United States District Court, W.D. North Carolina, Charlotte Division
MEMORANDUM AND RECOMMENDATION AND ORDER
S. CAYER UNITED STATES MAGISTRATE JUDGE
MATTER is before the Court on Defendant Federal
Trade Commission's “Motion to Dismiss”
(document #8), pro se Plaintiff's filings
captioned “Notice of Remover” and
“Amendment Notice of Remover” which have been
docketed as “Motion to Remand” (document #12) and
“Amended Motion to Remand” (document #14), and
the parties' briefs and exhibits.
matter has been referred to the undersigned Magistrate Judge
pursuant to 28 U.S.C. § 636(b)(1) and these Motions are
now ripe for the Court's consideration.
fully considered the arguments, the record, and the
applicable authority, the undersigned respectfully recommends
that Defendant's Motion to Dismiss be granted
and Plaintiff's Motions to Remand be denied, as
FACTUAL AND PROCEDURAL BACKGROUND
9, 2016, Plaintiff instituted this action by filing a
document captioned “Secirity [sic] Agreement Complaint
RULE 12 MOTION in Lieu Answer: Discovery Scheduling Order;
Notice; More Definite Statement” in Mecklenburg County
District Court, naming the “Fedaral Trade Commion
[sic], DME-Direct/Viscoped S Insole and Paul Cox” as
Defendants. Plaintiff subsequently filed multiple documents
purporting to be amended pleadings, some with a summons, and
several certificates of service. The record does not reflect
which documents were served on the identified recipients.
There is no indication in the record that any Defendant has
been properly served.
underlying dispute appears to arise out of Plaintiff's
former business relationship with the non-federal Defendants,
and their efforts to obtain a patent and/or other
intellectual property rights related to the development of
some type of footwear. In different documents, Plaintiff
seeks ten billion or nineteen billion dollars in damages.
not clear what, if any, causes of action Plaintiff is
attempting to allege against Defendant Federal Trade
Commission (“FTC”). Plaintiff submitted a letter
from the FTC's Consumer Response Center
(“CRC”) dated October 28, 2015 along with one of
his filings. The CRC thanked Plaintiff for contacting the
FTC, provided a brief explanation of the FTC's
Congressional mandate to protect consumers from fraudulent,
deceptive and unfair business practices, and advised that the
FTC “is not able to intervene in individual
disputes.” (Document #8-5 p. 2). The CRC advised that
the information it received from Plaintiff had been recorded
in its secure online database, and gave him a list of
resources for consumers. Id.
12, 2017, Defendant FTC removed the state case to the United
States District Court for the Western District of North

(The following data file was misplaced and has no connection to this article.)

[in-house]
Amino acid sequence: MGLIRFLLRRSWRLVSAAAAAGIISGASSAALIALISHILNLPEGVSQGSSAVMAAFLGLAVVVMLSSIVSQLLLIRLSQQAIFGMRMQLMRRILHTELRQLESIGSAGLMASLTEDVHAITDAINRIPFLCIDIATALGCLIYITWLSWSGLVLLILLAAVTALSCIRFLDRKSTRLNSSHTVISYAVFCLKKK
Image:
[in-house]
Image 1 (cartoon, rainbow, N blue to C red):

19, 2017, Defendant FTC moved to dismiss on the grounds that
the Complaint fails to state a claim upon which relief can be
response, on July 5 and 17, 2017, respectively, Plaintiff
filed a “Motion to Remand” (document #12) and
“Amended Motion to Remand” (document #14).
Plaintiff's Motions do not state a basis for challenging
removal. It is well settled that district courts have
original jurisdiction over suits against the United States
and its agencies, 28 U.S.C. §§ 1441(a) and
1442(a)(1). Moreover, Plaintiff's Motion to Remand is
untimely. 28 U.S.C. § 1447(c). (motion to remand must be
filed within thirty days of filing of notice of removal).
Accordingly, the undersigned respectfully recommends that
Plaintiff's Motions to Remand be denied.
Defendant's Motion to Dismiss is ripe for determination.
reviewing a Rule 12(b)(6) motion, “the court should
accept as true all well-pleaded allegations and should view
the complaint in a light most favorable to the
plaintiff.” Mylan Labs., Inc. v. Matkari, 7
F.3d 1130, 1134 (4th Cir. 1993). The plaintiff's
“[f]actual allegations must be enough to raise a right
to relief above the speculative level.” Bell
Atlantic Corp. v. Twombly, 550 U.S. 544, 555 (2007).
“[O]nce a claim has been stated adequately, it may be
supported by showing any set of facts consistent with the
allegations in the complaint.” Id. at 563. A
complaint attacked by a Rule 12(b)(6) motion to dismiss will
survive if it contains enough facts to “state a claim
to relief that is plausible on its face.” Ashcroft
v. Iqbal, 556 U.S. 662, 678 (2009) (quoting
Twombly, 550 U.S. at 570). “A claim has facial
plausibility when the plaintiff pleads factual content that
allows the court to draw the reasonable inference that the
defendant is liable for the misconduct alleged.”
Iqbal, the Supreme Court articulated a two-step
process for determining whether a complaint meets this
plausibility standard. First, the court identifies
allegations that, because they are no more than conclusions,
are not entitled to the assumption of truth. Id.
“Threadbare recitals of the elements of a cause of
action, supported by mere conclusory statements, do not
suffice.” Id. (citing Twombly, 550
U.S. at 555) (allegation that government officials adopted
challenged policy “because of” its adverse
effects on protected group was conclusory and not assumed to
be true). Although the pleading requirements stated in
“Rule 8 [of the Federal Rules of Civil Procedure]
mark a notable and generous ...